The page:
1. Would you consider using the app when it’s ready?
  2. How likely is it that you would recommend it to a friend?

The answers to these questions will give you an idea of potential organic user growth and retention. However, you will only know the real numbers once you develop the MVP and start promoting it.

An even more effective way to get these answers is by asking the questions on a video call during the user testing. That way you get to see the user's facial expressions and how they interact with the prototype. There are tools like Userlytics that make it easy to recruit remote user testers and conduct user testing sessions.

This feedback is invaluable to the successful development of your app. If the feedback is positive, you can also use the videos in your investment pitch and/or online ads.

Ask them to rate the current features, what else they would expect to see in the final product, and show them a list of other features you are thinking of developing. You can ask some of the same questions you asked before, like willingness to pay, because now that they have seen the MTP they might change their mind. Maybe in the first survey they answered “yes,” but after seeing the product in action they aren’t impressed... or vice versa.

Compare the survey results from before and after seeing the MTP to get a sense of what has changed. Obviously you need positive indicators such as the rate of “willingness to pay” staying the same or increasing, along with the percentage of people who are considering using the app and recommending it to others.

Now that you have this feedback you can improve the prototype, take screenshots, and create an explainer video demonstrating the interface. This content can then serve as the basis for a micro-site, a one-page website showcasing product features and briefly explaining the benefits. No need for a lot of details; let it be a teaser. You need this to prepare for the next phase of product/market fit investigation.

Once you have your microsite, you'll need to drive traffic to the site and measure the visitor interactions. For example, include an offer to motivate users to enter their email address so that they'll be notified when the app goes live. If you find that the number of signups is low, try rewarding them with a discount or exclusive membership.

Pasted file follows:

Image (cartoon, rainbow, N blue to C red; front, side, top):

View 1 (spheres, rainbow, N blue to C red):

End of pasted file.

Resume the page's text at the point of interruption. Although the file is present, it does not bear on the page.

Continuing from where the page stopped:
Launch ad campaigns on your main channels, depending on where your potential users are most active. Send them to the microsite and monitor the conversion rate and cost. Compare that with the initial CPA and see which channels are bringing the most relevant users. As previously explained in Part 1, the more your cost per user drops, the closer you’re getting to identifying your niche. However, keep in mind that the cost varies from location to location, and from season to season.

In many cases it makes sense to run Google search campaigns if you think people will be actively looking for a solution similar to yours. In other cases Google search might not be a good channel for a startup since, if the concept is new, people won't even know it exists in order to search for it.

You don't have to guess though since it's actually easy to check this. It’s right in front of your face whenever you use Google. The algorithm starts displaying the most searched-for terms while you’re still typing.

Let’s say your app is about buying and selling used phones. You can see in the image below where the highest level of interest is:

To find more search term volumes, forecast and see historical data, check out the Google Ads Keyword Planner.

Earlier in the article I spoke about finding your broad audience. On Facebook, Google Ads, and LinkedIn, it’s possible to define a broad range of audience criteria (interests, demographics, etc.) and see the number of people in that group.

For campaigns to be effective, the ad platform must first learn about the audience by how users engage with them (the so-called "learning phase"). Generally this means achieving a certain number of ad impressions before the associated metrics can be trusted. To test the scalability of your campaigns, wait until they exit the learning stage. Once that happens, try to gradually increase the daily budget and see if the campaigns are able to utilize the larger daily budget.

For example, if a search campaign is not spending the full daily budget, it probably means that there are not enough people looking for the targeted search keywords. It could also mean that there are a lot of competitors bidding on those same keywords. In either case, it’s not a good sign. Try adding more keywords and excluding irrelevant ones.

  • On Facebook and LinkedIn, if the campaign is not able to spend the daily budget, it means there are not enough people in the target audience or the competition is too high. Try to broaden the interests or demographics that you are targeting.

You can test other locations, but be aware of local language preferences. In some countries English ads are not effective at all. You can split the campaign per age group or gender depending on what you are offering; for example your best niche might turn out to be females aged 24 to 35 who mainly use Instagram, live in the UK, and are interested in smart wearables.